Casa particulares are probably the best places to get authentic, homemade Cuban meals.  If you're staying at one, definitely take advantage of breakfast there, which is usually 4-5 CUC extra.  Often, they will make lunch and dinner upon request, which usually runs 6-10 CUC.  Even if you're not staying at a casa, you can email or call them to arrange a meal in their home, it's an experience everyone should try.  



Cafeterias are an option for fast food. Cubans will eat out at cafeterias regularly. You can expect to eat rice and beans, burgers, and sandwiches.  The prices are almost always in CUP, and typically run around 20-40 CUP / 1-2 CUC. Many cafeterias are open 24 hours, so they're great for a late-night snack.  



The typical Cuban bakery will sell Cuban bread (like a dense baguette), usually at a specific time of day. Many bakeries will also sell small treats like pastelitos, which are packed with fruit filling. They're a delicious cheap option and will cost you no more than 12 CUP / 0.50 CUC for a delicious snack.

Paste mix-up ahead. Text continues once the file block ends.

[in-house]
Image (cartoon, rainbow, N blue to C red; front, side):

Street Food

In Cuba, you'll find a variety of street food sold from windows, stands, or just from individuals with baskets. A typical street-side window will be selling empanadas, pizzas, or plain ham sandwiches.  Carts might sell pre-made boxes of classic Cuban dishes consisting of meat, rice, and beans. It's nothing too exciting, but it is cheap. You can fill up for only 8-20 CUP / 0.30-1 CUC. Some smaller carts or individuals sell snacks such as peanuts wrapped in paper cones, popsicles, and ice cream. Street vendors take CUP, but if you only have CUC they will simply give you change in CUP.